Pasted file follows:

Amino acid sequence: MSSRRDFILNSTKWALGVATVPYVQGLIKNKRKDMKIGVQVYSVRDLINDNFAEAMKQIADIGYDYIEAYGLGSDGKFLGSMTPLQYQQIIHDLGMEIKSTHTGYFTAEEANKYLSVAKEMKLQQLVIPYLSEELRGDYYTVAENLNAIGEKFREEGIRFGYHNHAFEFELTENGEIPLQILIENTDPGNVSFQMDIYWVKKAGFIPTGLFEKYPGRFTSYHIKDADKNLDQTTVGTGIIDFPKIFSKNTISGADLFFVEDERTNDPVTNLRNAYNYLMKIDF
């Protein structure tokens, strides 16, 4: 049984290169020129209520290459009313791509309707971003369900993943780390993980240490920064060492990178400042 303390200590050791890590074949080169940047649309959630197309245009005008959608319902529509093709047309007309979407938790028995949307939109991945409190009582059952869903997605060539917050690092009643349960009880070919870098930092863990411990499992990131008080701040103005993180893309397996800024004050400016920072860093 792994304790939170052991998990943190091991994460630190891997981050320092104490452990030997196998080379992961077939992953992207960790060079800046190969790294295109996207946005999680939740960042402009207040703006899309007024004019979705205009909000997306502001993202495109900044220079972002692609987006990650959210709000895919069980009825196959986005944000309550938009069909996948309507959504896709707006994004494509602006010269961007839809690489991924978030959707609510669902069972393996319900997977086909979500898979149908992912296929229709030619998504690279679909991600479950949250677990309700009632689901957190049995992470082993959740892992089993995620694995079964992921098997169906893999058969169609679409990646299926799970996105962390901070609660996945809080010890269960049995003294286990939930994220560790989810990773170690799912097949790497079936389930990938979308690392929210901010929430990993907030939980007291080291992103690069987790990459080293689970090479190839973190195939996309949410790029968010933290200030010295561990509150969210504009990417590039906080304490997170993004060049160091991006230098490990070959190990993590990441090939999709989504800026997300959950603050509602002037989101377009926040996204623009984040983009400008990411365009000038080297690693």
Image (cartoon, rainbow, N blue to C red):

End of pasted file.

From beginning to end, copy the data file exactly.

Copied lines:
Amino acid sequence: MSSRRDFILNSTKWALGVATVPYVQGLIKNKRKDMKIGVQVYSVRDLINDNFAEAMKQIADIGYDYIEAYGLGSDGKFLGSMTPLQYQQIIHDLGMEIKSTHTGYFTAEEANKYLSVAKEMKLQQLVIPYLSEELRGDYYTVAENLNAIGEKFREEGIRFGYHNHAFEFELTENGEIPLQILIENTDPGNVSFQMDIYWVKKAGFIPTGLFEKYPGRFTSYHIKDADKNLDQTTVGTGIIDFPKIFSKNTISGADLFFVEDERTNDPVTNLRNAYNYLMKIDF
């Protein structure tokens, strides 16, 4: 049984290169020129209520290459009313791509309707971003369900993943780390993980240490920064060492990178400042 303390200590050791890590074949080169940047649309959630197309245009005008959608319902529509093709047309007309979407938790028995949307939109991945409190009582059952869903997605060539917050690092009643349960009880070919870098930092863990411990499992990131008080701040103005993180893309397996800024004050400016920072860093 792994304790939170052991998990943190091991994460630190891997981050320092104490452990030997196998080379992961077939992953992207960790060079800046190969790294295109996207946005999680939740960042402009207040703006899309007024004019979705205009909000997306502001993202495109900044220079972002692609987006990650959210709000895919069980009825196959986005944000309550938009069909996948309507959504896709707006994004494509602006010269961007839809690489991924978030959707609510669902069972393996319900997977086909979500898979149908992912296929229709030619998504690279679909991600479950949250677990309700009632689901957190049995992470082993959740892992089993995620694995079964992921098997169906893999058969169609679409990646299926799970996105962390901070609660996945809080010890269960049995003294286990939930994220560790989810990773170690799912097949790497079936389930990938979308690392929210901010929430990993907030939980007291080291992103690069987790990459080293689970090479190839973190195939996309949410790029968010933290200030010295561990509150969210504009990417590039906080304490997170993004060049160091991006230098490990070959190990993590990441090939999709989504800026997300959950603050509602002037989101377009926040996204623009984040983009400008990411365009000038080297690693």
Image (cartoon, rainbow, N blue to C red):